Pluto TV Faces $3.5M in FCC Fines for Closed Caption Violations

Pluto TV Faces $3.5M in FCC Fines for Closed Caption Violations
Tom Ryan co-founded Pluto TV in 2013, which was acquired by Viacom in 2019 for $340 million.

ViacomCBS Inc. division Pluto TV will pay $3.5 million in fines after the FCC found that the streaming service violated its accessibility rules.

Per the commission’s Enforcement Bureau, Pluto TV will follow a compliance plan to ensure the video programming the company streams on the internet includes closed captioning that meets FCC guidelines.

Per a statement by the bureau, the action against Pluto TV marks the first act of enforcement related to closed captioning for internet-based services since the FCC created the rules in 2012. The American Council of the Blind reached an agreement with Netflix Inc. in April 2016 to accommodate the needs of blind individuals and sued streaming provider Hulu in 2017 over website and content offerings that did not provide video descriptions. The ACB reached an agreement for Hulu to comply with ADA regulations and increase accessibility by January 2020.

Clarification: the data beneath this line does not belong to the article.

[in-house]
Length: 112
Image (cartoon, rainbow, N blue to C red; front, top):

Title III of the Americans With Disabilities Act, passed in 1990, which is aimed at protecting disabled individuals in physical, public spaces, as well as the general increased use of the internet, prompted changes to the law to include internet or online businesses.

Deemed “places of public accommodation” in the 2012 court ruling that set the new standard, streaming services like Netflix, Hulu and Pluto TV are required to provide access or accommodation for individuals with disabilities. Under FCC regulations, all full-length video content streamed on the internet must feature closed captioning if the content initially aired on U.S. TV with captions.

“We recognize the importance of closed captioning and have been working in close collaboration with the FCC on the consent decree,” a Pluto TV spokesperson said in a statement. “We are committed to ensuring that our audiences can freely enjoy the programming streaming on our platform with ease of use and accessibility.”

Starting in January 2018, the FCC received several complaints from consumers who said they couldn’t get the closed captioning feature to work on Pluto TV. The company filed a petition to waive closed captioning rules on some of its platforms, but the Enforcement Bureau indicated Pluto failed to supply information in a timely matter to accommodate its waiver.

“While Pluto appears to have had no intent to deceive or mislead the Commission, Pluto’s failure to give timely and accurate information hindered the Media Bureau’s ability to act on the Petition for Waiver and the Enforcement Bureau’s ability to execute an efficient investigation,” the bureau said in a statement.

Pluto TV exceeded 52 million global monthly active users in the second quarter of 2021, and revenue shot up 169% from the previous year, more than doubling for the fourth quarter in a row. Viacom acquired Pluto TV in early 2019 for $340 million, ahead of its merger with CBS later that same year.

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